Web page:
A number of non-Greek etymologies have been suggested for the name, The Hittite form Apaliunas is attested in the Manapa-Tarhunta letter related to Hurrian Aplu, a god of plague, in turn from Akkadian Aplu Enlil meaning "the son of Enlil", a title, given to the god Nergal, linked to Shamash, Babylonian god of the sun. The role of Apollo as god of plague is evident in the invocation of Apollo Smintheus by Chryses, the Trojan priest of Apollo, with the purpose of sending a plague against the Greeks (the reasoning behind a god of the plague becoming a god of healing is
University of Cambridge
The University of Cambridge is a collegiate public research university in Cambridge, United Kingdom. Founded in 1209 and granted a Royal Charter by King Henry III in 1231, Cambridge is the second-oldest university in the English-speaking world and the world's fourth-oldest surviving university; the university grew out of an association of scholars who left the University of Oxford after a dispute with the townspeople. The two'ancient universities' share many common features and are referred to jointly as'Oxbridge'; the history and influence of the University of Cambridge has made it one of the most prestigious universities in the world. Cambridge is formed from a variety of institutions which include 31 constituent Colleges and over 100 academic departments organised into six schools. Cambridge University Press, a department of the university, is the world's oldest publishing house and the second-largest university press in the world; the university operates eight cultural and scientific museums, including the Fitzwilliam Museum, as well as a botanic garden.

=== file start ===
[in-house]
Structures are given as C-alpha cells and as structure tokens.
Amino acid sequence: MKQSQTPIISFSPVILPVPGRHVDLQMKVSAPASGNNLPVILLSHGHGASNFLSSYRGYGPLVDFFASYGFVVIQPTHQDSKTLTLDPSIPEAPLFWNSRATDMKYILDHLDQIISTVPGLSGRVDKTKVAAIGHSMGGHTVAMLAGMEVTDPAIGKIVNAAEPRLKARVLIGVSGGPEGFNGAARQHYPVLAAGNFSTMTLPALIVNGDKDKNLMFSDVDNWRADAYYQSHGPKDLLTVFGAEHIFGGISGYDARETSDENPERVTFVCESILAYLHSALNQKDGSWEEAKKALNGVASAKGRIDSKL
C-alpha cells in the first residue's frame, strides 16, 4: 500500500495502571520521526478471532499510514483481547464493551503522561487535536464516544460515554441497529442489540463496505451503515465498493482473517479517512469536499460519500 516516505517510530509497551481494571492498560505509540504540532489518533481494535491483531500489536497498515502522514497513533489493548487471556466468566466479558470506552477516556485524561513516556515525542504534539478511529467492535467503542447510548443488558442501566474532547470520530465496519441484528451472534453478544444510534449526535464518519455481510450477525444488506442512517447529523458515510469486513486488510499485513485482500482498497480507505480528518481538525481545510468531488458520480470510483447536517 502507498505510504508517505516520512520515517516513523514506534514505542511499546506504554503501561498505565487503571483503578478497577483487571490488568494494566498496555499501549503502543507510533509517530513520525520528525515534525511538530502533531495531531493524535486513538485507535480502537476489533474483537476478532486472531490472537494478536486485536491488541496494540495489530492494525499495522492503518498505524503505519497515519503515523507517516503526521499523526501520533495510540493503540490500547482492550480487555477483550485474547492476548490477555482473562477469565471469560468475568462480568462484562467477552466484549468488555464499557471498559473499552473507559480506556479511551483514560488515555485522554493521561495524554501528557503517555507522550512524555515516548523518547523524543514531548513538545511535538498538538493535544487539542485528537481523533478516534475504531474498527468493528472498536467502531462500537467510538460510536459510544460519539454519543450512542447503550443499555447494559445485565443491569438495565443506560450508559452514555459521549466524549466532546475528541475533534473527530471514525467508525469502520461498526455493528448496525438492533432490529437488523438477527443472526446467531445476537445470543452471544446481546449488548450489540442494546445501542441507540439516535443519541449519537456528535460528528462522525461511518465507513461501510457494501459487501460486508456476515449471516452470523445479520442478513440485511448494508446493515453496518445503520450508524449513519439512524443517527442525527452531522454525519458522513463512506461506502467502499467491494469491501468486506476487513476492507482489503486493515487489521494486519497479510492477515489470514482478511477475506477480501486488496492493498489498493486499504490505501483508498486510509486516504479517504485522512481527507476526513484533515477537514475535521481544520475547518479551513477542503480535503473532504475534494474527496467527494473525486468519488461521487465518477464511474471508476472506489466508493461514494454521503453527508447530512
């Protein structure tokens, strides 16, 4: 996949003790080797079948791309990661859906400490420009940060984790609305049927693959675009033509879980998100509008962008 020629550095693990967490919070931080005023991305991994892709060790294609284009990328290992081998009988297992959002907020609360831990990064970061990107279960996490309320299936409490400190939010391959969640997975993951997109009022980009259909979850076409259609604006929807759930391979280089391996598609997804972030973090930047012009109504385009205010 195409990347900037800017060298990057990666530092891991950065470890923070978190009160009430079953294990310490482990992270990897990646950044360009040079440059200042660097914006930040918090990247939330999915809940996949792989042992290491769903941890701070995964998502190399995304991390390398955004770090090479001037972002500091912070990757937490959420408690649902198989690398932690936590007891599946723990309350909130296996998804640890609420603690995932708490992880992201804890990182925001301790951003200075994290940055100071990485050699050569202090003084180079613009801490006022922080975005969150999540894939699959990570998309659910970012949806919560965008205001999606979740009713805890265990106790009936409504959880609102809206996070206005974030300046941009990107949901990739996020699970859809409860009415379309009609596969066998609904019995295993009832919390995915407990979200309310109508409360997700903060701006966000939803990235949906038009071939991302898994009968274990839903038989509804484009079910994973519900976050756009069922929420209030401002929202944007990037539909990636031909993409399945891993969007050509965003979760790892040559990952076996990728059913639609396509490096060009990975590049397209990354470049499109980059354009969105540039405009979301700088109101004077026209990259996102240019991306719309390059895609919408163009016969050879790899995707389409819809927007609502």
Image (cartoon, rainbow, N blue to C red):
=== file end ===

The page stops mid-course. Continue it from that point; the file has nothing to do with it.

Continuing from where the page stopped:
Cambridge's libraries hold a total of around 15 million books, eight million of which are in Cambridge University Library, a legal deposit library. In the fiscal year ending 31 July 2018, the university had a total income of £1.965 billion, of which £515.5 million was from research grants and contracts. In the financial year ending 2017, the central university and colleges had combined net assets of around £11.8 billion, the largest of any university in the country. However, the true extent of Cambridge's wealth is much higher as many colleges hold their historic main sites, which date as far back as the 13th century, at depreceated valuations. Furthermore, many of the wealthiest colleges do not account for “heritage assets” such as works of art, libraries or artefacts, whose value many college accounts describe as “immaterial”; the university is linked with the development of the high-tech business cluster known as'Silicon Fen'. It is a member of numerous associations and forms part of the'golden triangle' of English universities and Cambridge University Health Partners, an academic health science centre.